SENIOR NATIONALS PREVIEW: Lochte, Phelps Renew Rivalry; Florida Gold Coast Well-Represented; SOFLO’s Marc Rojas Competes Before Heading To FSU

SENIOR NATIONALS PREVIEW:
Lochte, Phelps Renew Rivalry; Florida Gold Coast Well-Represented; SOFLO’s Marc Rojas Competes Before Heading To FSU


By Sharon Robb

August 5, 2014—Ryan Lochte and Michael Phelps will renew their rivalry in the meet of all meets this week at the Phillips 66 National Championships.

The five-day meet begins Wednesday at William Woollett Jr. Aquatic Center in Irvine, Calif. with so much on the line in every race.

The star-studded meet will serve as the USA National Team selection for the 2014 Pan Pacific Championships, 2014 Jr. Pan Pacific Championships, 2015 World Championships, 2015 World University Games and 2015 Pan American Games.

For many swimmers it will be a crossroads meet. For others, it will begin a remarkable journey that may lead to the 2016 Rio Summer Olympics.

For Lochte, now training at Swim MAC, it will test his on-again, off-again ailing knee that he said Tuesday “was 100 percent ready” against some of the best in the world including Phelps.

“I’m glad Michael is back,” Lochte said. “It’s definitely good for the sport and it helps me out, too, just because we push each other. Probably his golf wasn’t going so well. Bottom line, I’m glad he’s back.

“Every time we go on the blocks, we never want to lose. We always want to win and whether it’s racing against him or anyone else in this world, we want to go up there and win. He’s one of the best in swimming and I always like a challenge.”

Phelps and his longtime coach Bob Bowman are eager to see his workouts translate into fast racing. It will be Phelps’ first nationals since he retired after the 2012 London Olympics.

Phelps, who has competed in four meets since coming out of retirement in April, is entered in the 100-meter freestyle, 100-meter butterfly, 100-meter backstroke and 200-meter individual medley.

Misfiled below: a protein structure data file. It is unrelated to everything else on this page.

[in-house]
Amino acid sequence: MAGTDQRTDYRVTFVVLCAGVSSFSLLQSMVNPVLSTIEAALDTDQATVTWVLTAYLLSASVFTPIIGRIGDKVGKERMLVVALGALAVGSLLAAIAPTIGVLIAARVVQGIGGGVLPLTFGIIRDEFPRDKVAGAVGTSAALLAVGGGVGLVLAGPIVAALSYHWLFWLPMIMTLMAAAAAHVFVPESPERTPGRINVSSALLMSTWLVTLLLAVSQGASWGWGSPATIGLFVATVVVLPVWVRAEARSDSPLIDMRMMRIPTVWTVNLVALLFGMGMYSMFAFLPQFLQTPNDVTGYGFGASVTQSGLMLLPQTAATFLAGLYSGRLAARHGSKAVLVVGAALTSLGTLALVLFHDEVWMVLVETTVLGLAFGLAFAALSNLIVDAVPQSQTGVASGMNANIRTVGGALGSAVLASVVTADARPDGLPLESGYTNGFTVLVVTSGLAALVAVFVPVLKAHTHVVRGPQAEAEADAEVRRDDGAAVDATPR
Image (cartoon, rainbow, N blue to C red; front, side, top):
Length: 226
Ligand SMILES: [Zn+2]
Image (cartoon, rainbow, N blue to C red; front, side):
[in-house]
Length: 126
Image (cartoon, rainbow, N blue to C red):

“We really have no idea how I will do,” Phelps said. “This will be the first time to really swim this many events at this level. First time being shaved since the Olympics. The 100 fly feels the best. It’s what I’ve raced the most since I came back.”

Said Bowman, “I think we’ll see how it goes this week and maybe if there is anything after that, we’ll see how that goes and kind of go from there. We just talked about it yesterday. I think it’s a nice little milestone, and it goes really quickly. It was funny, I was talking with Gregg Troy yesterday and he said the days can be so long, but the weeks and months go by really quickly, and that’s true.”

With so much riding on the outcome of every race, swimmers have been motivated to train at a high level this year and to lose the attitude of nationals “being just another meet.”

Said Jessica Hardy, “It’s been very motivating training this year knowing that we have to qualify for the next two year’s National Teams this summer.”

Every race will be intense. And, any and all events that feature Phelps and Lochte against each other will have fans on their feet.

Bolles alum Ryan Murphy coming off his freshman season at Cal-Berkeley where he won NCAA titles in the 100- and 200-yard backstrokes, is one of the backstroke favorites.

In the women’s competition, Missy Franklin, also coming off her freshman year at University of Cal-Berkeley and 17-year-old Katie Ledecky head the field. They will compete against each other in only the 200-meter freestyle.

South Florida Aquatic Club’s Marc Rojas, 20, heads the Florida Gold Coast contingent. The Florida State-bound junior will compete in the 50-meter breaststroke on Friday and 100-meter breaststroke on Saturday.